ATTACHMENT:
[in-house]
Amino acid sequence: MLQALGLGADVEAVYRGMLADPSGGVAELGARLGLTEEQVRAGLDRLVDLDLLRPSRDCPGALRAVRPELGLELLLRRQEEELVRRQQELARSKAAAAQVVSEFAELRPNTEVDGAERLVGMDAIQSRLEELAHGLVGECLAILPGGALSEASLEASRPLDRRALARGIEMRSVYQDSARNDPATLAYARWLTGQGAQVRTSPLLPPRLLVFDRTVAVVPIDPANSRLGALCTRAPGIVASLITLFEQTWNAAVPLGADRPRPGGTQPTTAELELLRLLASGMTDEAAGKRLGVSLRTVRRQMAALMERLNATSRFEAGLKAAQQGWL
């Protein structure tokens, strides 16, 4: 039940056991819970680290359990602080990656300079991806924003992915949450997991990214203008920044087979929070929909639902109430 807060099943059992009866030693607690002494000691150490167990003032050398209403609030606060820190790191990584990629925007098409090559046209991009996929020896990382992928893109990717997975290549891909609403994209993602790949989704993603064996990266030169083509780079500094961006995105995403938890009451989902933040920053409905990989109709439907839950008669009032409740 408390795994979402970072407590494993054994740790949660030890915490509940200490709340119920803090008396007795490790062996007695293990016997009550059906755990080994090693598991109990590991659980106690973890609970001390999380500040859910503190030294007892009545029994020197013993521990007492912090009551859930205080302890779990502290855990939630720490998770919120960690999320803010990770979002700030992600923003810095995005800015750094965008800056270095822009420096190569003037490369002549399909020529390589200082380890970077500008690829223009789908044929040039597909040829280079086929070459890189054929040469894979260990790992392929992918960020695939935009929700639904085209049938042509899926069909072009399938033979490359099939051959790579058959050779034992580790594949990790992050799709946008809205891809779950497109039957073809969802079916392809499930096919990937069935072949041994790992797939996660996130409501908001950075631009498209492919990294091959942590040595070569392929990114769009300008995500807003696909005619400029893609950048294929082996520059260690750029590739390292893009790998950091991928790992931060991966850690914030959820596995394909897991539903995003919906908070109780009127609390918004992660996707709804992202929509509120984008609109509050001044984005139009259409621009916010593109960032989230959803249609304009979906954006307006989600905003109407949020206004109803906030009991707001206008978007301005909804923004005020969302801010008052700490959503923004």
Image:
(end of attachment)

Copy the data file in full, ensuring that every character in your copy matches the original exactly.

[in-house]
Amino acid sequence: MLQALGLGADVEAVYRGMLADPSGGVAELGARLGLTEEQVRAGLDRLVDLDLLRPSRDCPGALRAVRPELGLELLLRRQEEELVRRQQELARSKAAAAQVVSEFAELRPNTEVDGAERLVGMDAIQSRLEELAHGLVGECLAILPGGALSEASLEASRPLDRRALARGIEMRSVYQDSARNDPATLAYARWLTGQGAQVRTSPLLPPRLLVFDRTVAVVPIDPANSRLGALCTRAPGIVASLITLFEQTWNAAVPLGADRPRPGGTQPTTAELELLRLLASGMTDEAAGKRLGVSLRTVRRQMAALMERLNATSRFEAGLKAAQQGWL
């Protein structure tokens, strides 16, 4: 039940056991819970680290359990602080990656300079991806924003992915949450997991990214203008920044087979929070929909639902109430 807060099943059992009866030693607690002494000691150490167990003032050398209403609030606060820190790191990584990629925007098409090559046209991009996929020896990382992928893109990717997975290549891909609403994209993602790949989704993603064996990266030169083509780079500094961006995105995403938890009451989902933040920053409905990989109709439907839950008669009032409740 408390795994979402970072407590494993054994740790949660030890915490509940200490709340119920803090008396007795490790062996007695293990016997009550059906755990080994090693598991109990590991659980106690973890609970001390999380500040859910503190030294007892009545029994020197013993521990007492912090009551859930205080302890779990502290855990939630720490998770919120960690999320803010990770979002700030992600923003810095995005800015750094965008800056270095822009420096190569003037490369002549399909020529390589200082380890970077500008690829223009789908044929040039597909040829280079086929070459890189054929040469894979260990790992392929992918960020695939935009929700639904085209049938042509899926069909072009399938033979490359099939051959790579058959050779034992580790594949990790992050799709946008809205891809779950497109039957073809969802079916392809499930096919990937069935072949041994790992797939996660996130409501908001950075631009498209492919990294091959942590040595070569392929990114769009300008995500807003696909005619400029893609950048294929082996520059260690750029590739390292893009790998950091991928790992931060991966850690914030959820596995394909897991539903995003919906908070109780009127609390918004992660996707709804992202929509509120984008609109509050001044984005139009259409621009916010593109960032989230959803249609304009979906954006307006989600905003109407949020206004109803906030009991707001206008978007301005909804923004005020969302801010008052700490959503923004």
Image: